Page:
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Competitive Dynamics in MSTd: A Mechanism for Robust Heading Perception Based on Optic Flow.

Layton OW, Fajen BR - PLoS Comput. Biol. (2016)

Bottom Line: Simulations of existing heading models that do not contain competitive dynamics yield heading estimates that are far more erratic and unstable than human judgments.Soft winner-take-all dynamics enhance units that code a heading direction consistent with the time history and suppress responses to transient changes to the optic flow field.Our findings support recurrent competitive temporal dynamics as a crucial mechanism underlying the robustness and stability of perception of heading.

View Article: PubMed Central - PubMed

Affiliation: Department of Cognitive Science, Rensselaer Polytechnic Institute, Troy, New York, United States of America.

ABSTRACT
Human heading perception based on optic flow is not only accurate, it is also remarkably robust and stable. These qualities are especially apparent when observers move through environments containing other moving objects, which introduce optic flow that is inconsistent with observer self-motion and therefore uninformative about heading direction. Moving objects may also occupy large portions of the visual field and occlude regions of the background optic flow that are most informative about heading perception. The fact that heading perception is biased by no more than a few degrees under such conditions attests to the robustness of the visual system and warrants further investigation. The aim of the present study was to investigate whether recurrent, competitive dynamics among MSTd neurons that serve to reduce uncertainty about heading over time offer a plausible mechanism for capturing the robustness of human heading perception. Simulations of existing heading models that do not contain competitive dynamics yield heading estimates that are far more erratic and unstable than human judgments. We present a dynamical model of primate visual areas V1, MT, and MSTd based on that of Layton, Mingolla, and Browning that is similar to the other models, except that the model includes recurrent interactions among model MSTd neurons. Competitive dynamics stabilize the model's heading estimate over time, even when a moving object crosses the future path. Soft winner-take-all dynamics enhance units that code a heading direction consistent with the time history and suppress responses to transient changes to the optic flow field. Our findings support recurrent competitive temporal dynamics as a crucial mechanism underlying the robustness and stability of perception of heading.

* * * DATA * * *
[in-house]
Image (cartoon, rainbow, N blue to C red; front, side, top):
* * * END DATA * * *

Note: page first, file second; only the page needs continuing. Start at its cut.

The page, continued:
No MeSH data available.


Related in: MedlinePlus

Diagram of the model V1–MT+ motion detection microcircuit.V1 complex cells receive on-center/off-surround input from simple cells, broadly tuned to motion. Simple cells are grouped by complex cells parallel to their preferred direction of motion, and simple cells positioned perpendicular to the preferred direction inhibit the complex cell. MT+ units refine the motion estimates by grouping over a larger spatial extent, and sending feedback to inhibit complex cells with discrepant direction selectivities in the receptive field.